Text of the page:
House Postpones Final Action On E.S.E.A. Reauthorization
The House last week postponed final action on a bill to reauthorize the Elementary and Secondary Education Act, and it remains unclear whether they will resume work this week.
After a day of debate last week on the $12.4 billion measure, the House turned to the fiscal 1995 budget resolution.
During last week's session, the House voted 418 to 1 to approve an amendment that would set aside 20 percent of a state's funds under the drug-free schools and communities program for governors to develop long-term drug strategies.
State agencies receive 20 percent of each state's funding under current law. Rep. Major Owens, D-N.Y., who wrote the drug-free-schools language, said he removed the setaside from HR 6 because governors are not held accountable for how they use the money.
For example, he said, one state used its money to buy radar detectors for squad cars and another sent funds to school districts based on political patronage rather than need.
The House rejected Mr. Owens's argument, and defeated an amendment that would have simply authorized $100 million in anti-drug funds for governors.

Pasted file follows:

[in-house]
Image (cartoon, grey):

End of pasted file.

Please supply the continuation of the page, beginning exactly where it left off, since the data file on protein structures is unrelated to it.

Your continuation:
Anti-Drug Program Debated
The amendment would also earmark 10 percent of the state funding for Drug Abuse and Resistance Education, a popular program that brings police officers into schools. Funds had been set aside for DARE since the drug-free-schools program was created in 1986, but neither the Administration's proposal nor Mr. Owens's bill included that provision. (See Education Week, Feb. 16, 1994.)
The House last week also rejected amendments to strike the Native Hawaiian Education Program, the Territorial Education Improvement Program, and a provision that would authorize $550 million for technology assistance and research and library media programs.
An aide to Rep. Dale E. Kildee, D-Mich., who chairs the House Subcommittee on Elementary, Secondary, and Vocational Education and is the floor manager of HR 6, said it is unclear whether it will be taken up again this week.
House and Senate conferees must also meet this week to resolve differences between their respective versions of the "goals 2000: educate America act'' to meet a funding deadline. (See story, page 18.)